Team Management Systems
 

Strategic Business Alignment in China Using the Team Management Profile

By Jen Runkle
Copyright © Runkle Consulting. All rights reserved.

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Situation

A multinational manufacturing firm needed to align its management team in order to drive business transformation. The team refocused on their business objectives and priorities in the light of recent challenges and achievements. In the past year, the team had doubled in size and appointed a new leader; however they had also begun to hit some of their financial KPI's after 5 years of financial struggle. The team had a broad mix of Chinese, American, Irish, German, Japanese, Korean, Thai, Australian, New Zealand, and Indian members.

The challenge for the group now was to sustain momentum and build on their recent success, while creating a culture of high performance amidst all the changes to the team.

Action Taken

I suggested the Team Management Profile (TMP) be used as part of a two-day Executive Team Development program. The TMP was selected as it was seen as a non-threatening, practical and effective tool to support discussions around individual differences. The TMP was used early in the session and the discussions around work preferences proved valuable. It allowed the group to move away from the usual 'local versus expat' conversation and helped the team identify central issues around the implementation of their strategy. The results showed that the majority of the team members had work preferences in the Developing, Organizing and Producing areas. Through a facilitated discussion, the group suggested the possible points of impact regarding their work preferences as a team:

Strengths:

  • We can organize, drive and execute
  • We are aligned with where the business is at right now

Development Needs:

  • We may not be willing to abandon a direction, even if it's not working well
  • If we have conflicting goals or priorities, we'll pull in different directions.
  • We may not have the right information-gathering mechanisms - may be a risk in decision-making
  • We may be focused on the short-term but now need to think strategically and look 2-3 years out

The team recognized that their preferences had served them well in the past. Their preference for execution had been a key factor in managing production and service operations successfully. However the organizational imperatives had changed, requiring a new set of responses from the management group.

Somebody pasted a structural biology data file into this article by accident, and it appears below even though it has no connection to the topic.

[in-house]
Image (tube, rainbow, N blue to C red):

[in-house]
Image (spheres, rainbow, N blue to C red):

Results

With assistance, the Management Group reflected on their development needs and began to share ideas and develop them into viable actions and projects. Through continued facilitated discussion around their TMP results and their strategic plans, the group suggested the following short and long term actions:

Sample Team Actions for the Current Year

  • Engage the next level in the organization regarding strategy deployment and personally drive the message multiple times in multiple formats (town halls, workouts, rewards) - (Promoting in TMS terminology)
  • Keep policy management deployment front and center in ongoing regional management meetings (Maintaining)

Sample Team Actions for the Longer Term

  • Build bench strength and local perspective within the various regions (Linking and Maintaining)
  • Manage more by interacting with people rather than directing them (Linking)

The main theme of the two-day program was the need for continuous improvement in the actions that drive organizational strategy. The Margerison-McCann Types of Work Wheel and Team Management Wheel provided a simple framework to help the team explore their strategy and actions from a new and objective perspective, and to consider the possibilities that lay ahead.

Copyright © Runkle Consulting. All rights reserved.


Jen Runkle, PhD, believes that the world can be a better place if we all took a minute to be a little nicer. Her 15 years of experience in corporate America have convinced her of the need. Working inside a Big 5 consulting firm, one of the premier clothing stores, and a global manufacturing conglomerate has provided rich material from which her work is based. Valued as a trustworthy confidant, CEOs, VPs, managers, and employees gravitate to her to discuss their organizational issues. Before joining these prestigious Fortune 500 companies, she completed her BS in Philosophy and Psychology from Boston College. Her doctorate degree in Industrial and Organizational Psychology from the Illinois Institute of Technology helped prepare her as she specialized in selection, performance appraisal, and organizational development. Her masters and doctorate research focused on the ways we organize the world and the resulting biases in management. She is involved in the community with board membership, volunteer work, and presentations for the San Francisco Suicide Prevention, Contact Pittsburgh, Big Brothers Big Sisters, Pittsburgh Coaches Association, the Society for Industrial and Organizational Psychologists, and the American Psychological Association.

For more information contact Dr Jen Runkle by e-mail: jen.runkle@runkle-consulting.com or visit www.runkle-consulting.com.
 

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